We were blocking half of the road, so I expected an admonishment from the woman rolling down her window. What she said instead surprised. "Welcome to the neighborhood honey. We are so very glad you're here and can't wait to come to your store. I think you should put a flag up here so no one gets hurt. When will you be open?"
She was mistaking me for the proprietor of Greedy Reads on the quaint corner in Baltimore. Julia Fleischaker watched from the door with her attentive dog. And as we unloaded her fixtures, there were at least a dozen people who stopped to echo similar welcoming sentiments.
They looked like eclectic character actors from a fun movie: a spiky haired comic enthusiast anxious to know if horror would be on hand, the big-smiled mail deliverer bouncing with giddy delight, the older gentleman with his jaunty hat and bag of bread inquiring about the date of opening. Like a late term new mother, Julia repeatedly gave response to the head-in-the-door inquiries. "Mid to late February" she said. "Oh I can't wait!" Said a young woman walking her wheaton terrior. "We have needed a bookstore."
"I'm Julia" Julia said, extending her hand. "I'm Amy and I'll be seeing you." Looks like Julia will have a lot of new friends on her corner, where the old blue and red stained glass will make pretty warm lights on the weathered white washed floor.
Like so many things in this wonderful world of independent stores, Dave and I were moved by the experience. This was our second delivery and we did it to help Julia save on shipping and to start the year with a deep dive into the experience of Fixture delivery, learning so that we can improve.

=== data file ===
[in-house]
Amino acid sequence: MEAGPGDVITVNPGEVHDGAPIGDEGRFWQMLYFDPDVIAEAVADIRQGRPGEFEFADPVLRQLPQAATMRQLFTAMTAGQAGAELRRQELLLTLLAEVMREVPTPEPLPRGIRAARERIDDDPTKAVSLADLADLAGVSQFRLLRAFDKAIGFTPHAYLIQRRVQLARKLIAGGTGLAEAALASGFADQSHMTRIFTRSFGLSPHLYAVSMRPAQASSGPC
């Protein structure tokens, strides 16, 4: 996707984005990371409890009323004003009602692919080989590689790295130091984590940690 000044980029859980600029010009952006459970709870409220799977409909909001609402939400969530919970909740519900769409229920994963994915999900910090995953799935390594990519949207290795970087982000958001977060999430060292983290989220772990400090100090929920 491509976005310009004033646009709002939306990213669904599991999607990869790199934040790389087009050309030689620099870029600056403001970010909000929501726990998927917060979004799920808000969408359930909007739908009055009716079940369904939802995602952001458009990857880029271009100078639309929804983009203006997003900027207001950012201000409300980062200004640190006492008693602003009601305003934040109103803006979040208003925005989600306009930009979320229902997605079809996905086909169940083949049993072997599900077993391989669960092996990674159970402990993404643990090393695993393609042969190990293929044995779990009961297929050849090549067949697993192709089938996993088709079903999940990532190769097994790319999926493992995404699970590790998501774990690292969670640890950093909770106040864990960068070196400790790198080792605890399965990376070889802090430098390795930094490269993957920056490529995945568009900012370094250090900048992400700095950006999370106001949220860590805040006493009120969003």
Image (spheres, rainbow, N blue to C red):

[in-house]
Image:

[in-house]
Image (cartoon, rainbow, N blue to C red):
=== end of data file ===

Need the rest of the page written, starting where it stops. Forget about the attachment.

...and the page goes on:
It was fun showing Julia her new t-shelves and l-shelves that will work in her flared cases. "These will never deflect" I said, "and they were made by people in Tennessee who are invested in your success. We'll be here to problem solve with you as you grow over the next 30 years."
The difference in Julia's store begins with her fixtures. Rather than ordering something that she'd have to put together, made with particle board that won't last two years, she ordered sustainable Franklin Fixtures, made with the highest available MDF that will hold its shape through the cold winters and hot summers, and be the silent sales force, quietly offering books that easily meet the eye because of the angle created by the display shelving.
Our experience at Greedy Reads gave us an opportunity to feel our "why" firsthand. When we ship an order, we're not just delivering fixtures (bookshelves designed to display oodles of books and merchandise, lasting and changing weekly for the next 30 years) . We're helping bring to life a light on a corner in Baltimore or Tallahassee or Tucson. It's a place where people of all ages and backgrounds are anxiously waiting for a new store to open.
You know you're welcome when people volunteer to work in your store, when people cross the street to offer help moving in, when people randomly stop to introduce themselves. They want this. They'll find books there. They'll find each other. And in Baltimore it's clear they are indeed feeling deliciously Greedy for those new Reads.